Here’s where The Cable Gamer throws a flag on the play. Let’s leave aside Brian Stelter repeating the false Times construction that the purpose of cutting away from Jeb was “to show an empty podium.” (It was, as noted in our tweet, to go to a scheduled commercial.) At the outset Stelter told his viewers he had a “perfect” example of “Trump mania.” Now might this be the CNN coverage that has been likened to their “missing plane” obsession? No. How about the MSNBC “endless loop” of Trump? Wrong again. No, his “perfect” example is one where he himself has to condede that Greta, unlike the other channels, was not maniacally focused on Trump. And that’s a “perfect” illustration of Trump mania? Why, just because it was on Fox News?

There are copious examples of media mania over Trump. When you pick one from your former employer (The New York Times) that targets (in a misleading way) Fox News, and what’s more it’s a lousy illustration of your point—well, it makes The Cable Gamer wonder.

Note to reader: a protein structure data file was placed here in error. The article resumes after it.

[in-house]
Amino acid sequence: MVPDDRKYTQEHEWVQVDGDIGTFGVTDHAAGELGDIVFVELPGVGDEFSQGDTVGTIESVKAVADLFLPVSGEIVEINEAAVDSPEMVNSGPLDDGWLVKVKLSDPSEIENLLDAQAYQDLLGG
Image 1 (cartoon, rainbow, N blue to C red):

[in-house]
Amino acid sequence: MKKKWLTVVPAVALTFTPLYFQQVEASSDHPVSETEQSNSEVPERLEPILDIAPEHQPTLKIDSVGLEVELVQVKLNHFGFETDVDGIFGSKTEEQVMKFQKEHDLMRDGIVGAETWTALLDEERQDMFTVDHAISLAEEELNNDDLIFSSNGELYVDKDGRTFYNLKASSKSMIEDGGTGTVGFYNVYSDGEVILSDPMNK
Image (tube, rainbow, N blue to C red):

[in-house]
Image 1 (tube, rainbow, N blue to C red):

Later Fox News came up yet again, when the topic turned to the phraseological furor over “anchor babies.” You guessed it: the only cable news clip shown was from Fox, with Tucker Carlson poo-poohing the controversy. It’s not like there’s a lack of clips from CNN discussing the same issue. Or even more fun, clips of CNN personnel using the term themselves:

  • Jim Acosta: …extending that deferred deportations to the parents of children who are green card holders, who are U.S. citizens. These are sometimes referred to as anchor babies in the United States.
  • Zoraida Sambolin: Neighbors claim pregnant women in China pay thousands of dollars to come to the United States with legal tourist visas then stay in the maternity center until they give birth. Their so-called anchor babies are then automatically U.S. citizens.
  • Lou Dobbs: Do you believe illegal aliens who have anchor babies in the United States should be immune from deportation?